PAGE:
Jakob Nielsen's Alertbox, March 7, 1999:

Trust or Bust: Communicating Trustworthiness in Web Design

It is getting hard to trust any website to deliver long-term service without getting very explicit guarantees up front. As the New York Times recently wrote, trusting a website "is like following a helpful stranger in Morocco who offers to take you to the best rug store."

The current climate on the Web is one of disregard for customers who are traded like sheep. Companies buy each other, not to create better products or services, but to take over locked-in users and create more "stickiness." The advice in the Information Rules book is good as far as it goes: Switching costs are indeed an important element in design strategy. But the book can as easily be read as consumer advice: beware of lock-in unless you get sufficient up-front benefits to compensate for the later difficulties.

I am a perfect fit for the new eFax service to receive faxes by email. And yet I don't sign up. Why? Lack of trust. It would be nice to throw out my old fax machine and get my faxes by email (since I only get faxes when communicating with dinosaurs). But as soon as I put their phone number on my business cards (and thus in thousands of rolodexes), I will be at the mercy of any degradation in service, spam faxing, and who knows what else in the future. I am not accusing eFax of doing anything bad or of having nefarious plans: they are just an example of a useful service that is perceived as scary because of the current trust-impaired environment on the Web. Unfortunately the decent sites suffer from the actions of the devious sites.

History shows that high-trust societies fare better than low-trust societies. Right now, the Web is turning into a low-trust society, and as long as the main business models rely on advertising and eyeball herding, the situation will only get worse.

Trust Builds From the Customer Experience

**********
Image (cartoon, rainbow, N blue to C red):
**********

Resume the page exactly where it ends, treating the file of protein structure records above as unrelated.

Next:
Studio Archetype and Cheskin Research recently completed a user study of Web trust. The methodology has a few weaknesses (most quotes are from super-users, not regular folks; users were asked to check out sites rather than use them for real) but the main results are credible and match earlier studies.

The key finding is that trust is a long-term proposition that builds slowly as people use a site, get good results, and don't feel let down or cheated. In other words, true trust comes from a company's actual behavior towards customers experienced over an extended set of encounters. It's hard to build and easy to lose: a single violation of trust can destroy years of slowly accumulated credibility.

This is why it is important to have contingency plans in effect to immediately mitigate any trust-reducing blunders or scandals.

In the long term, treating customers honestly is the only way to build true, deep trust, but how does one get started on this path? The study found several ways to communicate initial trustworthiness, including some traditional ones like seals of approval (TRUSTe, etc.) and brand reputation

Appropriate use of technology from encryption to download speed also matters: users feel that a professionally run server can be trusted more than one that feels like it could break at any time. When customers encounter technical difficulties at a previously preferred site, their reactions are:

Communicate Trustworthiness

The design itself can communicate trustworthiness in four ways:

Sensitive Use of E-Mail

Users are extremely reluctant to give out their email address because they fear getting endless spam. In self-defense, many users have established secondary email addresses (on services like HotMail) that they can give to less trustworthy companies.

Any time you have a need for capturing a user's email address, it is necessary to provide full disclosure of what will the address be used for. It is also necessary to give users the ability to control how much email they will be getting. For example, it should be possible for a user to place an order and be assured that the only email he or she will receive would be clarifications or confirmations of the order.

See reader comments on this Alertbox.

Previous: February 21, 1999: Details in study methodology can make results irrelevant
Next: March 21, 1999: URL as UI

See Also: List of other Alertbox columns